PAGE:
Wednesday, March 29, 2006

Baseball and Competitive Balance
By Zach

As I was perusing ESPN.com's Page 2 (a somewhat guilty pleasure, I admit), a piece by David Schoenfield caught my eye. His contention: that despite most claims to the contrary, competitive balance in baseball wasn't a problem, or at least wasn't moreso than in the other two major sports.

Now, since this is something I completely disagree with, I thought I'd take a look. As usual, Schoenfield advances several faulty lines of logic to support his position. First, he attacks a claim that "only 10 of the 30 teams" can win a championship this year. He suggests that each of the eight playoff teams from last year easily could. I'll grant you the Yankees, Red Sox, White Sox, Angels, Cardinals, and Braves. The Astros don't strike me as a particularly strong team, but they were in the World Series a year ago. The Padres barely made the playoffs, and clearly didn't belong there. I wouldn't consider them at all likely to win the Series.

So there's seven teams. Let's add the Mets, Athletics, Blue Jays, and Indians. We're up to 11. Schoenfield suggests the Dodgers (marginal) Twins (marginal), the Phillies (marginal), the Giants (not happening), and Cubs (same). Oh, and he says the Marlins, Mariners, and Diamondbacks, because they've "been quite successful in recent years." Umm...the Marlins sold off all their talent, and the Mariners and Diamondbacks were both below .500 last year. Being exceedingly generous, there are 14-15 teams who could concievably dream of a World Series title. Which means half the league has been eliminated before the season begins.

Now that, in and of itself, isn't much different than the other sports. After all, it's not like NBA and NFL champs come out of nowhere (well, at least not often). But there are two key differences. The first is that it's harder to reverse a franchise's fortunes in baseball than it is in football or basketball. NBA teams are one superstar in the draft away from being a marquee franchise (see the Cavaliers), while NFL teams can always lure players with the promise of free agent dollars. Since teams share revenue, and are limited in how much they spend, the wealthiest owners can't push around the rest of the league like they do in baseball.

Schoenfield points out that certain teams in the NFL and NBA have been bad just as long as the Tigers, or Royals, or Rockies. And he's right, the Bengals (before this year), the Cardinals, and the Clippers (again, before this year) have been pathetic. But here's the major difference. They were pathetic for more acceptable reasons (poor drafting, poor player development, bad decisions in free agency, bad luck) than because the playing field wasn't level. No other major sport would even dream of one team spending 6-8 times as much as another, yet that's the reality in baseball.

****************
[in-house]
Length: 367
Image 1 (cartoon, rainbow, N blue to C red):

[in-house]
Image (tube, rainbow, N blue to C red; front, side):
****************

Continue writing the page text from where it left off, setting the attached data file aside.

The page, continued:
Take the Expos/Nationals. They've developed as much, if not more, talent over the last 10-15 years as any organization in baseball. Yet, because there's no revenue sharing (at least not meaningful revenue sharing), and no salary cap, they saw all their top players (Larry Walker, John Wettland, Pedro Martinez, Vlad Guerrero, Javy Vazquez, etc.) chase the free agent bucks elsewhere. Then, baseball has the nerve to blame the fans in Montreal for not supporting the team.

Or take the more successful Oakland Athletics. They should be the model franchise in the league. Their innovative approach to player development and acquisition should have given them a leg up on more conventional teams. Instead, their inability to compete financially for their top players (Jason Giambi, Miguel Tejada, Tim Hudson, etc.) has forced them to either trade those players, or let them walk via free agency. Their superior skills in player acquisition have merely allowed them to stay competitive, instead of winning them rings.

No matter what the sport, and no matter what the salary cap status, teams will always be bad, and good. Some will have reigns of dominance, and some will have eras of incompetance. That's the way sports work. The problem with baseball is that the reasons behind a team's sucess or failure often have little to do with the team itself. Baseball's biggest problem isn't steroids, it's that fans in Colorado, Arizona, San Francisco, Pittsburgh, Cincinnati, Washington, Florida, Philadelphia, Seattle, Texas, Kansas City, Detroit, Tampa Bay, and Baltimore might as well start talking about the offseason. And it's not even Opening Day.